Cornell '69: Liberalism and the Crisis of the American University

By Donald Alexander Downs | Go to book overview

CHAPTER TWELVE DAY 5: A NEW ORDER

Barton Hall came back to life around 7:30 a.m., and the assembly discussed what students could do to affect the upcoming faculty vote. Students were urged to attend classes that were meeting (many were not) and to encourage professors to nullify. At 9:20 the gathering issued another "official release" that urged students to join the Barton Hall Community in the name of student power. "We will continue to hold Barton Hall until such time as the faculty and the administration of Cornell appropriately reconsiders the black demands. . . . All concerned students are welcome to join us in this seizure and engage in the relevant and meaningful discussions that are resulting. Barton Hall now belongs to the students--so should the University. Please join us." 1

As the morning wore on, thousands of people made the pilgrimage to Barton Hall to discuss the restructuring of the university and the elimination of institutional racism. Several professors ascended to the dais to announce their decision to vote for nullification. One observer noted, "What was significant was that these were some [faculty] members who were going to do so out of fear and lose some of their self-respect. To them, the survival of the university became more important."2 By 1:00 p.m. the crowd reached nine thousand; some came to attend the teach- in that the IFC, SDS, the AAS, and the president's office had arranged. The Barton Hall "seizure" melded with the Barton Hall teach-in to form "the crux of what has been labeled 'the spirit of Barton Hall.'" 3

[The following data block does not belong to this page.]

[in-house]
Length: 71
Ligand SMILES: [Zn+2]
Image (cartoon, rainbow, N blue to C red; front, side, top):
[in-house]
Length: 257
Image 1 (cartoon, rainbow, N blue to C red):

Meanwhile, faculty and other students held meetings in anticipation of the faculty meeting. Three hundred students and faculty met at the Industrial and Labor Relations School; the ILR faculty was stunned to discover that the students overwhelmingly favored nullification. Once again Milton Konvitz felt despair. "The students were in no mood to listen to argument. With few exceptions they had made up their minds firmly and immovably. . . . 'If you don't do as we want, death to the

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